Orgasm – the big 'o'

When a person is masturbating, or when they are having sex with another person, they become more and more sexually excited. They may reach a peak of sexual excitement, which is called an orgasm or 'cumming'. At this moment, all the tension and excitement that has built up in the body is suddenly released. During orgasm, your heart may race, your breathing may quicken, your blood pressure increases and muscles throughout the body spasm.

Physiologically, orgasms produce fast muscle contractions in the genital and anal area, and around the whole body. At the point of climax, guys will ejaculate fluid from the penis, called semen. Ejaculation of fluid also occurs in some girls. During orgasm, chemicals called endorphins are released into the bloodstream. Pleasant sensations ripple through the body and afterwards you may feel warm, flushed, happy or sleepy.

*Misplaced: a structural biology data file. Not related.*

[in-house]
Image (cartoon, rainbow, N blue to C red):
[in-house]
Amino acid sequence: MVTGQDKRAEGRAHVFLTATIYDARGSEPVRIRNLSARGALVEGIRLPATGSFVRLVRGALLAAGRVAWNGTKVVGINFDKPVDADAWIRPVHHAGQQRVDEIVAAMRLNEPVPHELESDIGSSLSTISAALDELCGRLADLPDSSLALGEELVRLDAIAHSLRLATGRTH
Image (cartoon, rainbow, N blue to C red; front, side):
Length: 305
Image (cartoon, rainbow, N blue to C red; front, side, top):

How do I have an orgasm?

There are many kinds of sexual activity that can result in orgasm. For most girls, orgasm is reached through clitoral, rather than vaginal, stimulation. Guys tend to reach orgasm more quickly than girls, and they also become sexually aroused, or turned on, more quickly than girls. Also, girls are more likely to have more than one orgasm during sexual activity. But many people have trouble reaching orgasm when having sex with someone or when they are masturbating. This is perfectly normal. It takes time to learn about your own body and what makes it feel good. The cause is probably the brain (being nervous, anticipating the moment) rather than the body.

Different kinds of sex Sex and gender
Safer sex Being ready for sex
Orgasm – the big 'o' Talk first!

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